In the last post, we installed two additional frontend servers to the Lync High Availability environment that we has been creating for quite some time now.
In part 7 when we installed the first frontend server, we made the configuration on the Frontend pool dns records, so that the pointed to the first frontend server, which we had at that time. We did the same for the Office Web Servers and Directors servers.
Lets start by talking a little bit about how to load balance Lync.
Both the Lync clients and Lync Servers can be using DNS Load Balancing. This is achieved by configuring multiple records in DNS to point to the same name.
When the clients and servers query DNS for a records – it gets all results for a record returned – so if three records points to the same name, the result will include these three records.
The client and server will then contact the first server and if no response is received, it will contact the next.
The Lync servers will load balance the clients automatically between the available servers though an algorithm, which also will redirect clients to the other servers in the pool.
But there is a catch – DNS load balancing only works for Lync traffic like the sip traffic (5061/TCP), it doesn’t work for web traffic like https (443/tcp), and that is why you need a load balancer for the web traffic.
If you do not have a load balancer, you could be reaching a server that is down, and then the request will fail.
Back in the old days (in the OCS days), before we were using DNS load balancing – all traffic, including the sip traffic must be passed though a load balancer. We can still choose to do that with Lync or we can choose a combination of both DNS load balancing and hardware load balancing. This depends on the size of your load balancer box and your skills in programming the load balancer.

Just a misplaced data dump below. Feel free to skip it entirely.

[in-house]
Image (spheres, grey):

If you choose to load balance all Lync traffic though the load balancer you should make sure that it can handle all request. Some load balancers is sold with limitation to the traffic and sessions it can handle, like the Kemp Hardware Load balancers.
If you choose to load balance only the web traffic you could perhaps save some money by choosing a smaller model.
The Office Web Apps Server is only using web traffic so you will need the hardware load balancer for these servers.
I will over the next couple of posts show you how to load balance the different internal servers, including both methods of load balancing the lync servers.
I will use Kemp Hardware Load Balancers, which exists in both physical and virtual forms, and in different sizes (see http://kemptechnologies.com/products-solutions).
I will deploy two virtual load balancers in an active/standby setup.
The specs for the two VLM will be:
- 1 GB RAM
- 32 GB Disk Space
DMZINT LAN IP: 10.160.64.36/24
- 1 GB RAM
- 32 GB Disk Space
- LAN IP: 10.160.64.37/24
The virtual services on the VLM cluster will be using these ip addresses:
LAN HA VIP: 10.160.64.38 (used for HA checks and management)
LAN VIP1: 10.160.64.10 (Used for the frontend pool)
LAN VIP2: 10.160.64.30 (Used for the director pool)
LAN VIP3: 10.160.64.24 (Used for the Office Web Apps Farm)
You can download your own trial version here: http://kemptechnologies.com/da/server-load-balancing-appliances/virtual-loadbalancer/vlm-download, or bye it a your favorite Kemp distributor.
The download is a fully configured virtual machine, which will work for 30 days, until you get a permanent license.
When you have activated your account and downloaded the VLM, it is time to import the virtual machine in Hyper-V.
Extract the Zip file to a folder on you Hyper-V host
From Hyper-V Manager click on “Import Virtual Machine”
Browse to the folder where you extracted the files and click Select Folder